CPEC

Pak-China Economic Corridor to open avenues of cooperation in agriculture sector: first CAC Pakistan Summit opens

Pak-China Economic Corridor will open up new avenues of co-operation in agriculture sector as it would also pave the way for transfer of technology pertaining to agro-chemicals, pesticides, fertilisers and seeds.
This was upshot of speeches delivered at the opening ceremony of 1st CAC Pakistan Summit jointly organised by the Lahore Chamber of Commerce and Industry (LCCI) and CCPIT Sub-Council for Chemical Industry with the support of Punjab government here on Tuesday.
Provincial Minister for Agriculture Dr Furrakh Javaid, LCCI President Engineer Sohail Lashari, Vice-Chairman CCPIT Sub-Council for Chemical Industry Ma Chunyan, LCCI Senior Vice President Mian Tariq Misbah, Vice President Kashif Anwar, Chairman Standing Committees Sheikh Muhammad Arshad and Jawaid Saleem Qureshi were the main speakers.
There was consensus among the speakers that ‘Pak-China Hybrid Wheat Industrialization Co-operation Agreement’ would greatly help develop Pakistan’s agriculture sector through new varieties of seeds. Speaking on the occasion,
Provincial Minister for Agriculture Dr Furrakh Javaid said the CAC Summit and Exhibition is a unique opportunity for our agriculturists as it would enable them to learn about Chinese expertise in the agriculture sector. He said Chinese co-operation in all fields of the economy is matchless.
The Minister said the Punjab government is striving to educate the farming community as the research in agricultural field would remain useless if it does not reach the farmers. He said Punjab government is taking every possible step to strengthen agriculture sector that is evident from the fact that it has given flat rate of Rs 10.35 per unit for the tube wells.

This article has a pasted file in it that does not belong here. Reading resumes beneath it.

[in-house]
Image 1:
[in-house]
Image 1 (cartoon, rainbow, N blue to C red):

He also expressed the resolve that a subsidy of Rs 14 billion for the agriculture sector would be disbursed after consultation with stakeholders so that the benefit could reach the quarters concerned.
Vice Chairman CCPIT Sub-Council for Chemical Industry Ma Chunyan said that trade of pesticide has an important role in the total two-way business of $12 billion. She said in 2013, pesticides amounting to $172 million were imported from China while import of fertilizer remained at $309 million.
Ma Chunyan said China is the largest exporter of pesticides chemicals as it exported 300 million types of pesticides in the year 2013. She said 2,400 Chinese enterprises are directly linked to this sector.
She said the Chinese co-operation with Pakistani agriculturists would write new success stories in coming years. She said the CAC Exhibition has in its fold chemical, machinery, seeds, pesticides and fertilisers, etc. She also thanked the Chief Minister Punjab Mian Shahbaz Sharif and LCCI President Engineer Sohail Lashari for extending unmatched support for the successful happening of this mega event.
The LCCI President Engineer Sohail Lashari in his address stressed the need for Public Private Dialogue as a pre-requisite to revolutionise the agriculture sector that holds the key to progress and prosperity. He said it is the only area where a little attention could do miracles as it does not need that amount of electricity required to run the industrial wheel.
He said Pakistan is the only country of the South Asia to have CAC exhibition that would certainly strengthen the country’s agriculture sector.
He also called for construction of water reservoirs as shortage of water may pose a serious threat to the agriculture sector in coming years. “This is white oil but, unfortunately, we are more focused on black oil instead of taking care of our future generations that are likely to suffer because of water shortage,” he said.
Chairman Standing Committee on Agriculture Jawaid Saleem Qureshi urged the government to form task force to deal with the regulatory and marketing issues of the agriculture sector. He said Punjab’s agriculture sector could generate extra revenue of over Rs 100 billion if agro-input prices are controlled.
He said the subsidy allocated for the agriculture sector could be utilised to provide cheaper fertilisers and pesticides to the farmer by paying GST to the government. Elaborating the point, he said if the government pays the GST on pesticides and fertilisers through the subsidy it would enable the farmers to have cheaper inputs.

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